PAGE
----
Businesses of all types and sizes throughout the United States, Mexico and beyond bring their disputes to Gardere's litigation team and receive practical, responsive, boutique-style attention in return. Our clients have access to the firepower and value of a well-known and highly-regarded Firm's capabilities and interdisciplinary strengths.
Gardere has a national and international energy practice formed around our Energy Industry Team, which is a multidisciplinary group of approximately 80 attorneys with diverse backgrounds, experience and skills specific to the energy industry. Our team includes attorneys who have served as in-house counsel for major energy companies, providing a depth of insight into our clients' needs, issues and concerns. We understand and regularly practice in virtually every sector of the energy, and we represent a wide variety of industry participants from multinational corporations to individuals.
From our offices in the United States and Mexico, our International Practice helps clients operate in today’s global economy. We have more than 30 professionals operating as a boutique within an Am Law 200 law firm and are able to provide focused service with the resources of a large firm. We understand that clients who are engaged in the global marketplace need lawyers who can operate seamlessly across multiple jurisdictions. Our international experts are multi-lingual, are culturally fluent and intimately familiar with various legal systems across the world, especially those in Latin America. Whether you need help with commercial transactions, regulatory matters, customs and import regulations, immigration matters, M&A and joint ventures, international disputes, or international tax planning, Gardere’s international team is here to assist you.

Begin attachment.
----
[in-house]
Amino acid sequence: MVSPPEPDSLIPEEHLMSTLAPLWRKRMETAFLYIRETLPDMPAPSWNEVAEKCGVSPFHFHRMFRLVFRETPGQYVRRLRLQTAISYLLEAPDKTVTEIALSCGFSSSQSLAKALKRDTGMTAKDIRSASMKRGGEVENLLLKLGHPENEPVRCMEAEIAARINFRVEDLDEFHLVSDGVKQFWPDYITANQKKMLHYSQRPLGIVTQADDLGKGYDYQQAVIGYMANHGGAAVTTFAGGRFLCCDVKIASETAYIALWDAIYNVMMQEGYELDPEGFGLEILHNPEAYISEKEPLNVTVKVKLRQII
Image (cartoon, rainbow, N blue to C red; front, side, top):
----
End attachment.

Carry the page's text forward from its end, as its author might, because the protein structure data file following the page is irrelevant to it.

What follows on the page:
We represent domestic and foreign private funds in all aspects of fund formation, fund operations, platform and add-on acquisitions, and portfolio company operations. Our team has a reputation for being the go-to-lawyers for private equity funds, hedge funds, venture capital funds and family offices. We are known for our vast deal experience, the efficient way we staff and manage our work, and the way we maintain our relationships. We get deals done with sophisticated, strategic, and practical advice tailored to the needs of our clients.
*Not admitted to practice law.
The Federal Trade Commission recently issued revised consumer privacy guidelines. Retailers should be cognizant of the report released by the FTC and re-evaluate privacy policies regarding the collection and use of customer information.
While the preliminary report recommended that the framework and policies apply to all commercial entities that collect or use consumer data that can be linked to a specific consumer, computer, or other device, the final Report narrowed its scope recognizing the potential burden on small businesses. The Report concludes that the framework should not apply to companies that collect and do not transfer only non-sensitive data from fewer than 5,000 consumers a year and that such data is not "reasonably linked" if a company takes reasonable measures to de-identify the data, commits not to re-identify it, and prohibits downstream recipients from re-identifying it.